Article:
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Low moods from CdLS kids causes concern

Chris Oliver 2The latest research conducted in the School of Psychology at the University of Birmingham had a very good response from parents and carers.

The team received over 120 questionnaires that focused on repetitive behaviour, autistic like behaviours, hyperactivity and low mood. The same questionnaires was sent to five other syndrome groups to allow them to make comparisons. The other syndrome groups were Cri du Chat, Angelman, Prader-Willi, Fragile X and Lowe.

“We have a lot of information to analyse but there are two important findings that we now need to follow up very carefully,” said Professor Chris Oliver.

“The first concerns Autistic Spectrum Disorders. This term is often used instead of ‘autism’ as it recognises that the features of autism can vary a good deal between individuals. A valid questionnaire, like the one we used to look at this, has not been used previously with children and adults with Cornelia de Lange syndrome. The results show that the features of Autistic Spectrum Disorders are surprisingly common in people with Cornelia de Lange Syndrome. These features are repetitive behaviours (stereotyped, compulsive and ritualised behaviours that occur in the same way repeatedly), social impairments (for example, avoiding eye contact, not sharing attention with others) and communication (for example, late development, literal interpretations).

“There has been some debate in the past about whether people with CdLS can also fall within the autistic spectrum. Our research shows that this is certainly possible and that this may be more common than previously reported. However, we must be cautious about these results. The questionnaire cannot diagnose autism and we need to be sure that the features of autistic spectrum disorders that we see in people with CdLS are the same as those we see in children and adults diagnosed with autism.”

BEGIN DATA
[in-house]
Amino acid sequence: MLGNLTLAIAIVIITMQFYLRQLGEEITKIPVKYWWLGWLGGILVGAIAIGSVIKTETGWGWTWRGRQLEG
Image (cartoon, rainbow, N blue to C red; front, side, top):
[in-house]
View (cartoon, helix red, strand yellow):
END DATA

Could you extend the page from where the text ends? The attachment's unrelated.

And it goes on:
Jo Moss, PhD student at the University of Birmingham, is making very good progress on these questions and should complete her study of autistic spectrum disorders in CdLS in about a year.

Surprise result

Chris reported that the second finding was more surprising and concerns low mood. “We found that low mood was more commonly reported in CdLS than any of the other syndromes and that very low mood becomes increasingly more common in teenagers and then adults. Also, very low mood seems to be associated with self-injury. These patterns were not seen in the other syndromes we studied. At present it is difficult to be certain about why this might be the case. It could be that pain and discomfort are causing low mood.”

Lelsey Wilkie, Research Associate, is starting to study this possibility this year. The change with age is more difficult to understand and Birmingham did not see this in any other syndrome.

“This area needs more work as it is does seem to us that parents report some important changes in early adulthood. However, whether this is due to life events, such as leaving school and home and change of routine, or something else is unclear. This is our next challenge and with your help (filling in our very interesting questionnaires!) we hope to come up with some answers.